1. Graham, Patrick

Article Content


Spina bifida is a rare neural tube defect in which malformation of the posterior arch of the vertebra leaves open the spinal column. This varies in severity. With an estimated prevalence of 12.4%, spina bifida occulta is the most common form of spina bifida. It is encountered more frequently in men than in women and may be accompanied by a small patch of hair, birth mark, or dimple on the low back. This malformation occurs with the greatest incidence in the lower lumbar segments but has been reported in cervical and thoracic levels of the spine as well. As the name "occulta" implies, the defect is usually hidden under the skin, typically with no other discernable signs or symptoms, and diagnosis is most often made incidentally (Centers for Disease Control and Prevention [CDC], 2011; Eubanks & Cheruvu, 2009; Mataki et al., 2020; National Institute of Neurologic Disorders and Stroke, 2021; Yun et al., 2016).


Case Presentation

A 37-year-old woman was evaluated in the emergency department, immediately following a motor vehicle accident, with complaints of back and abdominal pain. She was a restrained driver, rear ended at a stop sign. Airbags did not deploy. She was able to self-extricate and was ambulatory immediately after the accident. She was brought to the emergency department in stable condition and, as part of the protocoled trauma work-up, had radiographs followed by computed tomography of the lumbar spine (see Figures 1 and 2, respectively). These imaging studies, while negative for any acute lumbar pathology, were revealing for spina bifida occulta of L5. The patient had significantly improved back symptoms following administration of pain medication and was subsequently discharged home in stable condition with instructions to follow up with orthopaedics.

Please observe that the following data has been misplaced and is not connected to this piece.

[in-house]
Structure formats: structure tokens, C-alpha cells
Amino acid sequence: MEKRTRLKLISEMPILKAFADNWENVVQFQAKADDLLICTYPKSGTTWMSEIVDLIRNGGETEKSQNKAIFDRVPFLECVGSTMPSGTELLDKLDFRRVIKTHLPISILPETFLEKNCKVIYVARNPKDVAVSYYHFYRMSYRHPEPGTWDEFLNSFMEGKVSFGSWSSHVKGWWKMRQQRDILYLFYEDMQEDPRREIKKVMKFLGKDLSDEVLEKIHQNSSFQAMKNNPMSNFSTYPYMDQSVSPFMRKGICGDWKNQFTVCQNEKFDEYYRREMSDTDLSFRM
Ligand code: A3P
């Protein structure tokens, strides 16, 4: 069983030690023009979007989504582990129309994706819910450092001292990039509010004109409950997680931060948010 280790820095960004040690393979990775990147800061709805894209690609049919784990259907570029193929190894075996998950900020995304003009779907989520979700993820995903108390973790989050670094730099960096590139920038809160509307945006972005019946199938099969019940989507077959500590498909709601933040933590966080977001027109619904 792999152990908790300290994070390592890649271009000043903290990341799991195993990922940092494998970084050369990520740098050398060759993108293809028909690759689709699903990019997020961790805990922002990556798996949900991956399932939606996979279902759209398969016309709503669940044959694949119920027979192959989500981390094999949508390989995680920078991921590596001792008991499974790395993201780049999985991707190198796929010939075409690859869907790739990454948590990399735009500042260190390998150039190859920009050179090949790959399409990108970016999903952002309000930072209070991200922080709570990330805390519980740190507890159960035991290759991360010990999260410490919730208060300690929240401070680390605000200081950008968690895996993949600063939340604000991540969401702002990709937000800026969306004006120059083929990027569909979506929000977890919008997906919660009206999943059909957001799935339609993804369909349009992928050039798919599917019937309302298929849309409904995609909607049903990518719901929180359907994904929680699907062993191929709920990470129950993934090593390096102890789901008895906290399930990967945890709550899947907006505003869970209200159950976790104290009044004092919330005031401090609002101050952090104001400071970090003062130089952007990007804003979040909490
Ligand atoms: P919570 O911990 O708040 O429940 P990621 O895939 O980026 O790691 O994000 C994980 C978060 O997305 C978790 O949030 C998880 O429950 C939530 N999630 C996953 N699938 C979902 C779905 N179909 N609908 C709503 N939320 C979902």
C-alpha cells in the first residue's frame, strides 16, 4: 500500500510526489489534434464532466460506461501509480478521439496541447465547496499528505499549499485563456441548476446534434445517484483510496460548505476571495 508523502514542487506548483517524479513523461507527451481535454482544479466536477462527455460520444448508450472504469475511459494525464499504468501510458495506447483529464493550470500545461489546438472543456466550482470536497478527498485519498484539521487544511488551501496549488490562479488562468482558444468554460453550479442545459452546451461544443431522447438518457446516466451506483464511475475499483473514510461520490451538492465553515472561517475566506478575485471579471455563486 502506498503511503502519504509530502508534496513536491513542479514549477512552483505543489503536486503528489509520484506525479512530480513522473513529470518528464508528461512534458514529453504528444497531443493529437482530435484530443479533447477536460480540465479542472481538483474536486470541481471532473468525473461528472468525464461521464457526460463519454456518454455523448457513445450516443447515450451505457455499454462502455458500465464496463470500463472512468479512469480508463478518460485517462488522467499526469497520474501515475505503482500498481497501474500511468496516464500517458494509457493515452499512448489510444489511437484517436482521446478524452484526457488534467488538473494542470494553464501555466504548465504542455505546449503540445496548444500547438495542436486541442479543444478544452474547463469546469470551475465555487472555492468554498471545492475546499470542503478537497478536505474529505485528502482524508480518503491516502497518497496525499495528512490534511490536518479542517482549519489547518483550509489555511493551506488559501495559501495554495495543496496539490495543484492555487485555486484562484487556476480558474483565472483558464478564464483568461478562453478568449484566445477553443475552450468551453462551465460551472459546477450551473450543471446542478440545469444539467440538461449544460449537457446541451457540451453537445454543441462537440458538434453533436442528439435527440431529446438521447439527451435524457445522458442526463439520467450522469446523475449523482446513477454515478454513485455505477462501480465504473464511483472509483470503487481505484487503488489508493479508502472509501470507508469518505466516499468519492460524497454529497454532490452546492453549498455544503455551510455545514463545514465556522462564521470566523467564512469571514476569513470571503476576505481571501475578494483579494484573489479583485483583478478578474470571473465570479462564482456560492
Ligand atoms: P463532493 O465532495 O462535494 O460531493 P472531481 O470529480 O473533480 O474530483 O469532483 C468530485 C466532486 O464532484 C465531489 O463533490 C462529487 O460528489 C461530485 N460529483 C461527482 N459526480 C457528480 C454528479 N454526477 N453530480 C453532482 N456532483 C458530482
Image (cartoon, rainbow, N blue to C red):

Figure 1 - Click to enlarge in new windowFigure 1. Anteroposterior radiograph of the lumbar spine-arrow denotes abnormality of the L5 vertebra, often referred to as "transitional anatomy."
Figure 2 - Click to enlarge in new windowFigure 2. Axial computed tomography-arrow denotes the malformation of the left lamina.

She presented to the outpatient orthopaedic clinic 3 weeks post-accident with improved, but not totally resolved, back pain. She was also experiencing burning and tingling in the left thigh, which she first noted about 4-5 days after the accident. Her back symptoms were constant at a low level, worsening with standing or walking of more than 10-15 minutes. This was notably aggravated with bending or twisting. She denied weakness, incoordination, or unsteadiness of her gait. She denied changes to bowel or bladder function without presence of saddle anesthesia.


Upon presentation she was an alert, oriented, affect appropriate, female in no apparent distress. She ambulated with a steady gait. Her back was without abrasions, discoloration, or deformity. There was notable tenderness about the lower lumbar paraspinals, worse on the right, as well as overlying the right sacroiliac joint (SIJ). She displayed grossly symmetric lumbar range of motion with pain, primarily about the SIJ, noted on extension and rotation. Bilateral lower extremity strength was 5/5. Sensation was intact to light touch in all distributions of bilateral lower extremities. She had palpable distal pulses and brisk capillary refill. Special testing was notable for a positive slump, hip thrust, and SIJ compression test. She displayed a negative straight-leg raise, flexion, abduction, and external rotation (FABER), flexion, adduction, and internal rotation (FADIR), and scouring.